Sunday, March 9, 2014
By Ray Routhier firstname.lastname@example.org
George Hinchliffe never thought playing the ukulele would make him feel like a rock star.
Members of the Ukulele Orchestra of Great Britain have fun with their tiny instruments, but when it comes to their music, they’re all business.
Courtesy of Portland Ovations
UKULELE ORCHESTRA OF GREAT BRITAIN
WHEN: 8 p.m. Friday
WHERE: Merrill Auditorium, 20 Myrtle St., Portland
HOW MUCH: $35 to $42; $20 student deal
WHAT ELSE: Before the performance, at 7 p.m., there will be a lecture at Merrill Auditorium on the history of building and playing ukuleles.
But in the 28 years since he founded the Ukulele Orchestra of Great Britain something happened: The ukulele became cool.
“When I started playing, and when we started the orchestra, it was deeply uncool,” said Hinchliffe, 59, from his office in London. “But now between playing (ukulele) concerts and recording, we don’t have time to do anything else.”
The ukulele, if you haven’t noticed, is a hot item. It has showed up in pop songs like “Hey Soul Sister” by Train and “I’m Yours” by Jason Mraz. Jake Shimabukuro has gained a worldwide following for his virtuoso playing, making him something of the Jimi Hendrix of ukulele.
Locally, ukulele groups have been popping up all over Maine, including the Peaks Island Ukulele Ensemble and the Lake Larsson School of Ukulele in Brooksville.
The popularity of the ukulele, based largely on how relatively easy it is to play and how fun it is to hear, has allowed uke practitioners like Hinchliffe to tour the world. He will be at Merrill Auditorium in Portland Friday as part of the eight-piece Ukulele Orchestra of Great Britain, in a concert presented by Portland Ovations.
People who think the concert will be a combination of Hawaiian folk songs and ditties from Tiny Tim need to think again. The Ukulele Orchestra of Great Britain plays entire film music, themes of old TV shows, pop, classical and lots of other things. They’ve been known to play rockers by Nirvana and Talking Heads and soul by Otis Redding.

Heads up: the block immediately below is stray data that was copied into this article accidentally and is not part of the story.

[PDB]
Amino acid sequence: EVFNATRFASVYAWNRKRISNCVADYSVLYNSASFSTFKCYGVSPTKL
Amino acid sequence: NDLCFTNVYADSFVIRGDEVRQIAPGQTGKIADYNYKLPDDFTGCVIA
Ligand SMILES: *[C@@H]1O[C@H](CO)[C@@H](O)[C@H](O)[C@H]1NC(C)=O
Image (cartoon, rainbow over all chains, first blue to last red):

Recently they’ve been doing TV and Western film themes, like “Bonanza,” and “The Good, the Bad, and the Ugly,” Hinchliffe said.
“We all sing, and we all play different parts, different registers. It’s not like every ukulele sounds the same,” Hinchliffe said.
Hinchliffe said he played electric guitar in other bands before forming the orchestra. He said that he and the other musicians in the orchestra were “a bit cynical” about their own experiences in the music business, and where popular music seemed to be headed in 1985.
“There were just things that felt wrong to us about the music business, about the pomposity of it,” said Hinchliffe. “We tried to do something honest and authentic, and not take ourselves too seriously.”
Hinchliffe thinks the simplicity of the ukulele appeals to a lot of people.
“It’s a simple and cheap antidote to synthesizers and expensive instruments,” said Hinchliffe. “You can make music fairly quickly when you’re just starting. On most instruments it takes months before you make a sound that’s palatable. With the ukulele, it doesn’t sound too terrible right away.”
Lake Larsson of Brooksville has played guitar most of her life, but took up ukulele recently because of it’s “cheerful” sound. She started giving lessons at her home and is going to see the Ukulele Orchestra in Portland with a group of 28.
“Once I started playing, I thought, ‘Wow, what a fun instrument,’ ” said Larsson. “A lot of my students are people who never have played an instrument and never thought they could.”
Staff Writer Ray Routhier can be contacted at 791-6454 or at:email@example.com Twitter: RayRouthier